Councilwoman Kathy McKeithen had earlier presented a list of concerns with the contract, and Mayor Widmer advocated more specificity in both duties and accountability in Mr. Danielson's contract.

But Mr. Conners stressed the need to keep the contract flexible enough and still meet CalPERS' strict requirements that Mr. Danielson not in any way act in a capacity that could be construed as employment by the town.

In the end, council members acknowledged the need to act quickly, and expressed trust in Mr. Danielson to work in the interests of the town.

Why the rush?

With the town scrambling to secure the CalPERS exemption to keep Mr. Danielson on board -- only weeks before his contract was to expire -- the question arises: Were the council and the interim city manager asleep behind the wheel?

"I wouldn't say that," Mayor Widmer told the Almanac.

But one of two priorities the council gave Mr. Danielson when it hired him for 960 hours, up to 12 months, was to find a permanent city manager. The search for a manager typically takes three or more months. So why wasn't the search begun in September at the latest?

"There were other things that were very pressing that took priority with regards to the staffing and the outsourcing," Mr. Widmer said.

Indeed, the other key duty the council assigned to Mr. Danielson was fixing the town's estimated $856,000 structural deficit -- a problem the interim manager approached by outsourcing two departments and laying off 13 of the town's 16 general employees.

Complicating the situation was Mr. Danielson's medical crisis in mid-November, which kept him from work for weeks. When town officials finally came to grips with the fast-approaching end of Mr. Danielson's contract, "there was an assumption that the law allowed for an extension" to the contract, Mayor Widmer said.

Retroactive retirement

Meanwhile, Mr. Danielson dodged a potential bullet by revising his date of resignation. Although the town announced on Jan. 25 that his resignation would be effective Jan. 27, that date was changed to Jan. 19.

The Almanac reported on Jan. 26 that CalPERS, in a Jan. 19 letter, stated that Mr. Danielson had to "cease employment immediately" if his status as a retiree was to remain in effect. Amy Norris of CalPERS told the Almanac that the agency must have his letter of resignation by Jan. 30, showing that he had resigned by Jan. 19.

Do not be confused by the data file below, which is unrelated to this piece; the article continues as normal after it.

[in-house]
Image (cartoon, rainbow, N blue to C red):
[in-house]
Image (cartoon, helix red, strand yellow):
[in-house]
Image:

When the town sent out the revised reports and contracts on Jan. 27, the date of resignation was not specified. The Almanac requested the resignation letter, and learned that the resignation date had been changed to meet the CalPERS requirement.


Posted by Peter Carpenter, a resident of Atherton: Lindenwood
on Jan 31, 2012 at 3:23 pm

Peter Carpenter is a registered user.

""There were other things that were very pressing that took priority with regards to the staffing and the outsourcing," Mr. Widmer said."

I certainly feel that the Town is in much better shape as a result of Danielson's effort and year on the job. In many ways he has laid the ground work for hiring a permanent manager who can start with a stabilized situation rather than a having to do all of the house cleaning and repair work that Danielson has done. If a new manager had been brought in six months ago she/he would have had to use a lot of their institutional capital to accomplish what Danielson did while serving as interim manager.

As for the 'rush' discussed in the article I am pleased the the council dealt with the Danielson/DellaSanta transition in a timely manner. What would the author prefer - that we go on for months without resolving this matter Well done Town Council.

Posted by Malcolm Dudley, a resident of Atherton: Lindenwood
on Feb 1, 2012 at 8:21 am